What does exposure mean for a female writer? It’s a question with which the novelist Olivia Sudjic grapples in a new book-length personal essay, Exposure, just released by the crowdfunded publisher Peninsula Press (Click here to grab your own copy). In this blend of memoir and critical analysis, Sudjic interrogates her own anxiety around the issue, reflecting on the social media age and critically appraising some of the most urgent contemporary writing by women. In doing so, she references a new canon of sorts, encompassing fiction and non-fiction (and the autofiction that resides between), which includes work by Rachel Cusk, Roxane Gay, Sheila Heti, Chris Kraus and Elena Ferrante.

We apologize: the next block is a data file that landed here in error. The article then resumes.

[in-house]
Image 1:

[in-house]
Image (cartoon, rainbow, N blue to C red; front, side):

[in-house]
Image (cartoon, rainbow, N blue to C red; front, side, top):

“Although I didn’t want it to be writerly, there wasn’t that much in the way of very contemporary essays about writing,” Sudjic tells me. “There are lots of books and essays about what it means to be a writer in, say, the 1980s, but not many from the social media age.”
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